This was a HUGE thing for me, because i am a dumb paralyzed child — i started trying things on. Literally this was a life-changing experience for me, taking my time in a dressing room. and now i get pissed off and cranky any time someone “checks in on me” while in a dressing room. Surely they think i’m soiling their garments or peppering the mirrors and crotches with my seed but no; I try shit on and look at them and think about it for a while. Because it takes me a while. Because I am a child. And I have to think about the other shit I have and what works with what and why and when will i wear this? there are colors i like but can’t wear, there are colors I want to wear but look terrible in. it’s all trial and error and letting myself, for the first time in my adult life, to think about how I look and what I want to look like without feeling embarrassed. IT’S A PROCESS.
Because of this i’ve started a file of images i’ll start sharing soon, I think. i’m tired of the t-shirt and sweatpants geek stereotype anyway and think it’d not be the worst thing in the world if people in comics started looking like adults instead of arrested development cases. because, look, if i can do it fucking anybody can. i guess i think dressing for comfort doesn’t have to mean old t-shirts and badly-fitting blue jeans.
I'm sending this to both of you, but: have you and Kelly Sue ever considered writing a title together?
maybe? every now and again we bat something around for a few minutes like a cat that’s cornered a cricket then it flitters away again. we had a TV idea that i still think about from time to time. oh, actually — that reminds me, i literally had an idea about that last night i need to go talk to her about. this is me pushing PUBLISH and walking into my wife’s office RIGHT NOW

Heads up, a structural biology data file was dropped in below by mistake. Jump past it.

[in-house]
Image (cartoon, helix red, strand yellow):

A Japanese cover of “Is That All There Is?” is a song written by American songwriting team Jerry Leiber and Mike Stoller during the 1960s. It became a hit for American singer Peggy Lee from her recording in November 1969.
The lyrics of this existentialist song are written from the point of view of a person who is disillusioned with events in life that are supposedly unique experiences. The singer tells of witnessing her family’s house on fire when she was a little girl, seeing the circus, and falling in love for the first time. After each recital she expresses her disappointment in the experience. She suggests that we “break out the booze and have a ball — if that’s all there is”, instead of worrying about life. She explains that she’ll never kill herself either because she knows that death will be a disappointment as well. The verses of the song are spoken, rather than sung. Only the Refrain of the song is sung.
The song was inspired by the 1896 story Disillusionment(Enttäuschung) by Thomas Mann. It is also featured in the interactive, theatrical production Sleep No More.
“It would be an hour-long series of drama during the Second World War, and it’s about a team of various kinds of charlatans — stage magicians, a spirit medium, a con artist and so on — who are recruited by British intelligence to perpetrate deceptions against the Nazis.”—Michael Chabon on an HBO show he and Ayelet Waldman are developing.
“His next project, which will take him into another chapter of the century, the late ’60s and early ’70s, is an adaptation of “Inherent Vice,” the 2009 novel by Thomas Pynchon. The book is a stoner private-eye saga, and Mr. Anderson has found an invaluable “research bible,” he said, in the underground comic strip the Fabulous Furry Freak Brothers.”—PTA and Pynchon: Confirmed.
So you're an awesome guy and all, but can you answer me this: Are Reed Richard's teeth also elastic? Not aesthetically pleasing, but the man stretches everywhere. I wonder if this question is on your field of expertise, because it's things like this that keep me up at night staring into the dark.